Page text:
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Facebook IPO fever, an analysis
Should you buy Facebook stock when it goes public in the next few months?
Like any individual stock, it's a gamble. Most investors are better off with the relative safety of a stock index fund.
But sometimes it's hard to resist the dream of striking it rich like early investors did with the Microsoft or Amazon IPOs.
On this week's Money Matters, financial commentator Greg Heberlein and KPLU's Dave Meyer look at what to expect when Facebook finally goes on the market.
How can you get in on the deal?
As Steve Martin might say, first, open a million-dollar account at one of the six investment houses in charge of the sale.
Shares are allocated to the six primary underwriters (Morgan Stanley, JPMorgan Chase, Goldman Sachs, Merrill unit of Bank of America, Barclays and Allen & Co.) , as well as to other brokerages who later on will be added and get smaller allocations.
In a hot deal, no matter how many shares you request, a much lower number is likely to be available. Almost every single share will go to big institutions such as mutual funds and insurance companies, and those with multi-million-dollar accounts who trade actively.
That leaves most people out of the IPO; the rest of us will have to settle for buying the stock from its first purchasers as they try to make a quick profit on opening day.
What will the IPO price be?
Companies initially tell the public a price range at which they hope to sell the shares, and the number of shares that will be available. Those numbers almost always undershoot the actual numbers determined the day of or the day before the sale. In Facebook’s case, the sale will not occur for roughly two or three months.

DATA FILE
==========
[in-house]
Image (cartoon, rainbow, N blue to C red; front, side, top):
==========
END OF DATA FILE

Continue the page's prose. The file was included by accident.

So it'll be a while before the price is set. In the meantime, the government must approve the deal while the underwriters try to gauge demand for the shares.
Most final pricing is set a few dollars short of where underwriters expect the first-day trading to occur. That makes sure early investors can flip their shares at a profit and to make other investors feel good.
In a hot deal such as Facebook’s, first-day trading could be enormous and mostly straight up. But it would not be a shock if it retraced some of its gains in coming months.
What can sabotage the deal?
If the market is tanking, almost certainly the deal will be delayed or curtailed. If company news between the first announcement and the sale turns negative – a bad quarterly profit report, for example – the deal may be suspended or scrapped.
Could Facebook be another Microsoft?
No one knows the answer to that question.
Facebook is big now, but remember MySpace? Remember how successful Yahoo used to be? The Internet is a fickle medium. Today's big deal could be tomorrow's has-been.